First World War and tax
During the First World War income tax revenue increased eleven-fold. It overtook customs duties to become the most important single tax in New Zealand (as it did in other countries involved in fighting). But people still only paid income tax if they earned over £300 (around $40,000 in 2008) – around 12,000 people out of an adult population of about 700,000 paid the tax. An average plumber earning £150 per year (around $20,000) did not pay income tax.
The war ushered in new thinking. The sense of duty that underlay conscription carried with it a strengthening of people’s ideas of community obligation. Parliamentarians began to quote English economist Arthur Pigou who applied the so-called ‘marginal revolution’ in economics to welfare and taxation: an additional pound means more to someone earning £100 than it does to someone earning £1,000, so higher income earners should be taxed more. The top income tax rate rose from 6.67% in 1914 to 43.75% in 1921.
Income taxes ease
During the 1920s there was a gradual decline from wartime levels of tax on higher incomes, companies and large landowners. It subsided to 22.5% by the mid-1920s. Income tax revenues showed the same trend, largely as a result of a 1922 taxation committee dominated by businessmen. They lobbied hard for tax cuts and got them – but the retreat was only partial. This reflected a trend that repeated over time: when tax rates were raised and subsequently cut, they didn’t usually fall back to their original levels.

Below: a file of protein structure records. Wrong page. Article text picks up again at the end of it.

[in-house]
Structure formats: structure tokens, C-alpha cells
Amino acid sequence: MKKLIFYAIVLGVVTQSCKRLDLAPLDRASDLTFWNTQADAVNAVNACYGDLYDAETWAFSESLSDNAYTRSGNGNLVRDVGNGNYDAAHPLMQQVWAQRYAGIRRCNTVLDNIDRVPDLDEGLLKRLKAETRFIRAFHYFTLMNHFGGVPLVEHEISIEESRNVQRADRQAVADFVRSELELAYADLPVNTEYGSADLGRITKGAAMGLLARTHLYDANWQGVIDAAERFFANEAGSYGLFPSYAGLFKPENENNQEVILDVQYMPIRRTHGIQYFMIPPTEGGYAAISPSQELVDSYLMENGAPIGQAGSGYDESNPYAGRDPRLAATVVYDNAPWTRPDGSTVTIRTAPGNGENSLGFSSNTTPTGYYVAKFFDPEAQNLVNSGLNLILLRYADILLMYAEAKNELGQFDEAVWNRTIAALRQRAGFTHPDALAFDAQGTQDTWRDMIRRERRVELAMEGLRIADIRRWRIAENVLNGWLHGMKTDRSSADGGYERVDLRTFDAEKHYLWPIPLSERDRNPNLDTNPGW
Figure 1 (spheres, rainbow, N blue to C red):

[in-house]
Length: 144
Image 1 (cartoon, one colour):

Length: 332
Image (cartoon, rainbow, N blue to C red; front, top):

The greatest impact of higher taxes was on companies. During the 1920s and 1930s New Zealand taxed companies directly at higher rates than many other countries. This made it difficult to build enterprises by reinvesting retained profits. Successive tax commissions criticised the practice, to no avail.
A poll tax was introduced in 1930 to fund unemployment relief. Every male over the age of 20 paid £1 10s a year (around $126 in 2008). The logic was that every taxpayer would feel that unemployment affected him personally. The government soon needed more money. In 1931 an ‘Emergency Unemployment Charge’ at a flat rate of 1.25% on all income was added on top of a £1 poll tax.
Everyone directly taxed
The poll tax and flat tax, although light, established the principle that all people should pay some direct taxation. Every male had to go to the Post Office and hand over some money to the government. Income tax rates were also raised in 1930 taking the top rate to 29.25%. Annual income exempt from tax was lowered to £260. Finance Minister William Downie Stewart began the practice of diverting part of petrol tax for general purposes.
On 8 February 1933 Finance Minister Gordon Coates introduced a sales tax of 5% of the value of goods sold, on top of any customs or excise duties. (An excise duty is a tax on a particular domestic product such as cigarettes.) These sales taxes were among the first indirect taxes that were not levied at the border. The Beer Duty Act charged 3d per gallon of beer when it was introduced in 1880.